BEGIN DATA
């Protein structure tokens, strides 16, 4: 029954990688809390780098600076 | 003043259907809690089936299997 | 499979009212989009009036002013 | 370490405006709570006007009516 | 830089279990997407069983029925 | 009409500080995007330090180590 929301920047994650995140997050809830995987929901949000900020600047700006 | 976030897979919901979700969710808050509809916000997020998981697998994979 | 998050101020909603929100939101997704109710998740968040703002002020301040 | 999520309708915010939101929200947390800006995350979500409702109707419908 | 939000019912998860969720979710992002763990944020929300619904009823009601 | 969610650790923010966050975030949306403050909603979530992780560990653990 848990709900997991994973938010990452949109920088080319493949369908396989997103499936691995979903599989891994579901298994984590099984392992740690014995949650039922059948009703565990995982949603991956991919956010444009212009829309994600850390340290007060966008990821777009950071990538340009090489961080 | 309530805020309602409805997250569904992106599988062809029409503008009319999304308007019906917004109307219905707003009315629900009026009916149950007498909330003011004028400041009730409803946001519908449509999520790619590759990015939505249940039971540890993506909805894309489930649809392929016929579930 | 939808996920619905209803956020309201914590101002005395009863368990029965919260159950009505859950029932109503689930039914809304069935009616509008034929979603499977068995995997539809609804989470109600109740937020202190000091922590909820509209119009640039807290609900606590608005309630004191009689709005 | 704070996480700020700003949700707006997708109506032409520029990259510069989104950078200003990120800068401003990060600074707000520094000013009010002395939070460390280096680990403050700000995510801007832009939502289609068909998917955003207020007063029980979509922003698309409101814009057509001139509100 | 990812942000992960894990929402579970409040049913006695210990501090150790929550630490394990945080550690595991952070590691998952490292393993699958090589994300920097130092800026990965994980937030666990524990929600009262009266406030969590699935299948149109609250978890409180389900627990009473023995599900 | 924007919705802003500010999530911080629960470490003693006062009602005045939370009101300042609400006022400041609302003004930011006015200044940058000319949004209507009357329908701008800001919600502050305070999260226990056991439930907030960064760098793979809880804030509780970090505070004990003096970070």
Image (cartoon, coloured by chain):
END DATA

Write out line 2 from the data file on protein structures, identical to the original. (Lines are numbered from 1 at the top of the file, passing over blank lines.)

Image (cartoon, coloured by chain):